Suppose Sarah chooses red and Alex chooses green, is that different from the situation that Sarah chooses green and Alex chooses red or not? (Wondering)

mathmari said:
Why does the ordering matter? I got stuck right now. :unsure:
Consider card number 1.
If Sarah gets it, we have a different outcome than if Alex gets it.
However, suppose the first two cards that Sarah gets are first card 1 and then card 2.
Is that different or the same as when she gets first card 2 and then card 1?

There are 48! ordered ways to distribute the cards.
But it is irrelevant in which order Sarah receives her cards exactly.
She can receive her cards in 12! different ways that are equivalent. So we need to divide by 12! to compensate for the fact that the ordering of Sarah's cards does not matter.

Last edited:
c) Next, double-head is played. The 48 (distinguishable) double-header cards are shuffled well and each player receives 12 cards. How many possibilities are there for the 12 cards that Mary receives? How many possibilities are there in total, to distribute the cards?

It appears you actually answered the first question and not the second.
There are indeed $\binom{48}{12}$ possibilities for the cards that Mary receives. (Nod)

That leaves the question how many possibilities there are in total, to distribute the cards. (Sweating)

Klaas van Aarsen said:
An ordered set is for instance (red, green, yellow, blue) while the corresponding unordered set is {red, green, yellow, blue}.
Suppose Sarah chooses red and Alex chooses green, is that different from the situation that Sarah chooses green and Alex chooses red or not? (Wondering)

As I understand the the statement (a) the ordering matters, doesn't it?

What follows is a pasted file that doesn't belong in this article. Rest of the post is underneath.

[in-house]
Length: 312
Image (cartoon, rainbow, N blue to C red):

Does this mean then that the number of ways is equal to $\binom{6}{4}\cdot 4!=360$ or we use the formula $\frac{n!}{(n-k)!}=\frac{6!}{(6-4)!}=\frac{6!}{2!}=360$, right?

:unsure:

Klaas van Aarsen said:
That leaves the question how many possibilities there are in total, to distribute the cards. (Sweating)

Is this equal to $\frac{48!}{12!}$ ? :unsure:

mathmari said:
As I understand the the statement (a) the ordering matters, doesn't it?

Does this mean then that the number of ways is equal to $\binom{6}{4}\cdot 4!=360$ or we use the formula $\frac{n!}{(n-k)!}=\frac{6!}{(6-4)!}=\frac{6!}{2!}=360$, right?

Yep. (Sun)

mathmari said:
Is this equal to $\frac{48!}{12!}$ ?
That is the number of ways where the ordering of Sarah's cards does not matter, but where the ordering of Alex's, Mary's, and Tom's cards does matter when they shouldn't. (Worried)

We can do this in two ways. We can first consider the cards that Mary receives, and then consider which of the remaining cards Alex receives, and so on.
Or we can calculate the total number of ordered distributions, and then divide by 12! for each person for who the order does not matter.

Klaas van Aarsen said:
That is the number of ways where the ordering of Sarah's cards does not matter, but where the ordering of Alex's, Mary's, and Tom's cards does matter when they shouldn't. (Worried)

We can do this in two ways. We can first consider the cards that Mary receives, and then consider which of the remaining cards Alex receives, and so on.
Or we can calculate the total number of ordered distributions, and then divide by 12! for each person for who the order does not matter.

By the second way you mean $$\frac{48!}{12!\cdot 12!\cdot 12!\cdot 12!}$$ ? :unsure:

mathmari said:
By the second way you mean $$\frac{48!}{12!\cdot 12!\cdot 12!\cdot 12!}$$ ?
Yes. (Nod)

And the first alternative is $\binom{48}{12}\cdot \binom{36}{12}\cdot \binom{24}{12}\cdot \binom{12}{12}$, which is the same thing. (Nerd)

At (b) and (d) do we have "choosing a ball from a box with replacement and ordering matters" ? :unsure:

Klaas van Aarsen said:
Yes. (Nod)

And the first alternative is $\binom{48}{12}\cdot \binom{36}{12}\cdot \binom{24}{12}\cdot \binom{12}{12}$, which is the same thing. (Nerd)

At (c) do we have two different kind of problems?